SESSION TITLE: Sleep Disorders Posters I: Diagnosis
SESSION TYPE: Original Investigation Poster
PRESENTED ON: Wednesday, October 28, 2015 at 01:30 PM - 02:30 PM
PURPOSE: To define the link between smoking, snoring, obstructive sleep apnea (OSA) and related comorbidities.
METHODS: A cross sectional study of OSA among adults with sleep complaints was conducted, from October 2011 to June 2012, in a Sleep Center of Clinical Pneumopthysiology Hospital, Constanta, Romania. All patients referred for snoring and sleep disordered breathing (SDB) underwent attented nocturnal cardiorespiratory poligraphy. Diagnosis of OSA was sustained by apnea-hypopnea index (AHI) of ≥5 obstructive events per hour of sleep. Severity Criteria of OSA, based on the guidelines of American Academy of Sleep Medicine (AASM), Body Mass Index (BMI) and tobacco use were quantified. Eligible subjects inform consented for a self-report questionnaire of night time symptoms and day time sleepiness. The prevalence of moderate-to-severe OSA was assigned among smokers. The interactions between smoking, snoring, and OSA were assessed, using multivariate logistic regression with odds ratios (OR) and 95% confidence intervals (CI) as measures of association.
RESULTS: Of 89 adults, mean aged 52.43 ± 15.501 year-old, with male predominance (n=65/89; 73%), 26 were current smokers, 27 former smokers and 36 nonsmokers. The mean of pack-year (py) was similar in current smokers (22.62 ± 2.649 py) versus exsmokers (22.44 ± 2.050 py). The mean BMI was 33.35 ± 6.5 kg/m2. A third of subjects (n=27/89) were diagnosed with OSA during the study period and smokers were prevalent (n=21/27; 77.78%). The mean value of AHI was 34.066 ± 23.666. Severe OSA forms were more frequent (n=21/27; 77.8%) than moderate ones (n=6/27; 22.2%). Snoring was more frequent among current and former smokers versus nonsmokers (p= 0.313). OSA risk factors of age ≥ 50 years, gender (male), obesity, increased neck circumference, craniofacial abnormalities were correlated with smoking (p < 0.007). The association of OSA with comorbidities (metabolic syndrome, respiratory, cardiovascular and cerebrovascular diseases) was noticed particularly in smokers, but only congestive heart failure was significantly influenced by smoking (p=0.35).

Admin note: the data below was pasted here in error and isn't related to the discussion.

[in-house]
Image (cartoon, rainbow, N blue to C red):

CONCLUSIONS: Smoking remains an inconclusive risk factor of snoring but is strongly associated with OSA and risk factors of OSA. Comorbidities associated with OSA are more frequent among smokers.
CLINICAL IMPLICATIONS: All patients with SDB should be screened for smoking and smokers for OSA. Tobacco cessation must be recommended to all smokers.
DISCLOSURE: The following authors have nothing to disclose: Mihaela Trenchea, Elena Dantes, Luiza Velescu, Oana Deleanu, Maria Suta, Oana Arghir
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